The OOVE: A Brand New Instrument

Do you know what an OOVE is? We didn’t either. That is until we met with composer Nathaniel Stookey who told us about this brand new instrument that inspired his new piece called YTTE (Yield To Total Elation). The OOVE was made by a friend of his, Oliver DiCicco who has a workshop in San Francisco. Oliver specializes in kinetic sound sculptures that create a mixture of unique tones and vibrations. Lucky for us, we got to visit his local studio and see his other creations like these “Sirens” that create such an eerie sound but are so mesmerizing to watch.

(Click to PLAY the video and see for yourself!)


 Shortly after Nathaniel saw Oliver’s instruments, the San Francisco Symphony commissioned him to write a new piece for their SoundBox series (which I HIGHLY recommend). He immediately knew this was going to be something extraordinary.

The OOVE makes a low vibration sound which he used as the foundation of YTTE. The piece opens with a low hummmm and slowly an evolution of sound is created as the strings and the winds join in. Your mind is taken on a beautiful journey filled with emotion and movement throughout the entire piece. It’s calming and mysterious and then you suddenly feel like you’ve arrived into a grand galaxy that’s driven by brass, the bass drum, and pulses from the winds. Nathaniel said, “…for me, yielding to total elation during a piece of music is the ideal. It’s why I do what I do.”

To play the OOVE, the instrument is not bowed or plucked. In fact, it’s hardly ever touched! You approach it with an electromagnet. As the electromagnet gets closer to the field created by the nodes, it reacts by vibrating the strings. The vibrations get larger and larger the closer the node gets to the magnet while also creating additional layers of frequencies.

After hearing Nathaniel’s YTTE at the San Francisco Symphony’s groundbreaking Soundbox, Donato Cabrera and the Las Vegas Philharmonic commissioned a full orchestra version, which premiered earlier this year. If you didn’t get to see either of these amazing performances, you’re in luck! On September 24th YTTE for full orchestra is making its West Coast debut at California Symphony’s Season Opener.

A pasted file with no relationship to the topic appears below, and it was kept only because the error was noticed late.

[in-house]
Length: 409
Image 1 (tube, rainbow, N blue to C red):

Check out our exclusive interview with both Donato and Nathaniel about the OOVE, their road trip from San Francisco to Las Vegas and more about their story behind their West Coast Premiere… with a surprise at the end!! 

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You can purchase tickets to see this modern-day masterpiece by clicking HERE!
Click here to see more Red Curtain Addict backstage stories.

Julie Adams sings Mimí in San Francisco Opera’s La Bohéme

La Bohéme has always been on of my favorite operas because I’m in LOVE with the Broadway production Rent! Did you know that Rent was based on Giacomo Puccini’s opera?? Yes, there are a few differences (okay, maybe a lot) but Jonathan Larson created Rent because he wanted to update the setting and story of a classic opera to modern day times, which I can definitely get behind. Both stories focus on the difficulties of living in poverty and the dangers of a life lived away from conventional standards. Another major similarity is the famous scene when Mimí knocks on the door of her neighbor and asks him to light her candle. Such a great moment!

Earlier this year I went backstage to get a hair and makeup tutorial on how to look like Mimí. And recently I got to sit down with Julie Adams who is performing Mimí in San Francisco Opera’s production of La Boheme this summer! Julie has such a beautiful spirit and her voice is plush with expression and rich with passion. It’s like she was made for this role! Check some clips of of our interview here:

5 Fun Facts about Soprano, Julie Adams

1. When did you start singing opera?

I started when I was 18 years old but I grew up singing pop and musical theater because I originally wanted to be a Broadway singer. It wasn’t until later in high school that I discovered classical music was the perfect fit for my voice. After that, I never looked back!

2. What is your favorite thing to do when you aren’t singing opera?